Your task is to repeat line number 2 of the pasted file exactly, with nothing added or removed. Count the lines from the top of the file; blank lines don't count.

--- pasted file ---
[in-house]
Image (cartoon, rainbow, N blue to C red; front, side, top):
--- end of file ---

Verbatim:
Image (cartoon, rainbow, N blue to C red; front, side, top):